ST. PAUL, Minn. -- In some ways, this second-round series between the Chicago Blackhawks and Minnesota Wild is playing out just the way most observers felt it would. The defending Cup champs from Chicago are just a step, maybe a step and a half, quicker than the dogged Wild.
The Blackhawks, after dropping the first two games of the opening round against the St. Louis Blues, have won six straight and on Sunday waxed the Wild 4-1 to take a 2-0 series lead, having outscored Minnesota 9-3 in the two games played in Chicago.
Does this mean you can start saving your shekels to buy Western Conference finals paraphernalia with the Blackhawks logo attached? Well, let's not be so hasty.
Here's a look at five ways the Wild can get back in this series.
Being masters of the obvious, we're going to go out on a limb and suggest A) the Wild need to score more goals, and B) the best way to accomplish that is to have their talented goal scorers actually, you know, put the puck in the net. So far that hasn't happened with nearly enough regularity, especially since the Wild knocked off the Colorado Avalanche in a seventh game in the first round.
Specifically, what is up with Jason Pominville, who had 30 goals during the regular season but just one in the postseason? While Pominville has at least chipped in five assists, perhaps the most disturbing trend has been the near invisibility of Matt Moulson, the trade deadline acquisition from the Buffalo Sabres who has one goal and one assist in nine postseason games. One wonders how much this dry stretch is going to cost Moulson on the free-agent market this summer. One thing is for certain: It's hard to imagine the Wild making any kind of push to keep him unless things pick up in a hurry.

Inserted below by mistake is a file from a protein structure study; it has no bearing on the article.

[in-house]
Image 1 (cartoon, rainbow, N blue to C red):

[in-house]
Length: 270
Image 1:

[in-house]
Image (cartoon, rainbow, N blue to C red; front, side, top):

Coach Mike Yeo acknowledged Monday that during the playoffs it's often harder for players to pull themselves out of scoring funks. It's like quicksand, "the more you struggle, the deeper you get," he said. "That's why it's really important to make sure that you're focused on the game, make sure that you're focused on your play. What are the things that you're doing when you're successful? What are the things that you are doing to create scoring chances, to give yourself the best chance to capitalize on an opportunity like that? And I think that's what's critical, not only for individuals as far as wanting to score a goal, but for our team as far as wanting to win a game too. We have to stay focused on the little things. We have to stay focused on our process and trust that result will be there at the end."
Zach Parise was dominant in the first round and leads the team with 11 postseason points, but no other Wild player has more than six. That will have to change in a hurry.
Six times this spring, the Wild have gone 0-for-the power play. That includes the past three games, when they went 0-for-7.
They earned just one power-play opportunity in Sunday's loss, and there's the rub. To get better on the power play, you have to get those chances. And to draw penalties, the Wild have to be generating more speed.